“Avatar” is a James Cameron movie in 3-D. Those words alone tell you a lot, but they don’t tell you everything. Not by a long shot.
The “Avatar” plot is familiar, an easy mashup of cowboy movies, “Dances with Wolves,” “Pocahontas” and even “Ferngully,” a 1992 children’s film in which the fairy people defend their rainforest from predatory loggers, with the assistance of a turncoat logger “gone native.” (The “Ferngully” reference comes courtesy of Elder Daughter.) There’s also a backhanded swipe or two at U.S. policy in the oil-rich Middle East.
However, a more original, demanding plot might have detracted from the true achievement of “Avatar,” which is the conception of an entirely new world and its presentation on the movie screen. Cameron, who has a taste for the grandiose, has said that watching “Avatar” isn’t like watching a movie, “it’s more like being in a dream state, like dreaming with your eyes wide open,” and it’s not bragging if it’s true.
It’s not bragging.
The world of Pandora is well imagined and fully realized, in three dimensions, and its actors are completely integrated into that world. As a result, so is the viewer. Cameron is right: You don’t watch “Avatar,” you experience it. The great sci-fi writer Arthur C. Clarke liked to say that “any sufficiently advanced technology is indistinguishable from magic,” and the technology behind “Avatar” fully meets that test.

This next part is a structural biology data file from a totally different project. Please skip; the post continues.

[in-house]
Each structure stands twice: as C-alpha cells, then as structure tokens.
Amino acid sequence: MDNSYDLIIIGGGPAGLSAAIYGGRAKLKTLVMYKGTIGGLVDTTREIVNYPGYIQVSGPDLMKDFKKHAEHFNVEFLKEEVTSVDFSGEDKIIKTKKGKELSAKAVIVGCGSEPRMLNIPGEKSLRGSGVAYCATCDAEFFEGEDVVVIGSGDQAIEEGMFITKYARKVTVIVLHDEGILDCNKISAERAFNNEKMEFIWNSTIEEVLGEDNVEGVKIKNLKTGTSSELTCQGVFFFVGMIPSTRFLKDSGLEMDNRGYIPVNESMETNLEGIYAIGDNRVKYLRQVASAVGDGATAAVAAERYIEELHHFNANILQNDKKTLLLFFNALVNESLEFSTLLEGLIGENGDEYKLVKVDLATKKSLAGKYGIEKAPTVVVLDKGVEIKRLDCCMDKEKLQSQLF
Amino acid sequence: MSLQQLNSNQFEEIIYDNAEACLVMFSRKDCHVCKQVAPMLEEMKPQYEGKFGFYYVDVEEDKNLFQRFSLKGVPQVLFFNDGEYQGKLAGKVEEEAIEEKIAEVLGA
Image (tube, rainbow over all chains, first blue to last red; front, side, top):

Cameron helped create much of that technology, but his bigger achievement may be in how he chose to use it. For the most part, he does not handle 3-D technology as a cool toy to be played with, and you seldom catch him showing off. It is not a gimmick, it is the medium in which he is working, and the respect he gives it is rewarded. The same is true of the motion-capture technology used to convert his actors’ movements, gestures and expressions into digital beings on the screen. It is seamless.
Cameron has predicted that 3-D technology will transform modern cinema in much the way color transformed the movie industry in the late ’30s. I’m not sure I agree. Within a few years of its introduction, color had become the film industry standard and black and white movies had all but disappeared. I don’t think 3-D will have quite that impact, because not all genres will benefit from it.
But all James Cameron movies will.